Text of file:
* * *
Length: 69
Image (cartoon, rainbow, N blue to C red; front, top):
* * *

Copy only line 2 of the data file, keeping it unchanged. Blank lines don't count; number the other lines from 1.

Image (cartoon, rainbow, N blue to C red; front, top):